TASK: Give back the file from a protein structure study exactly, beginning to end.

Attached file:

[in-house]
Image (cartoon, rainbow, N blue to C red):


[in-house]
Image (cartoon, rainbow, N blue to C red):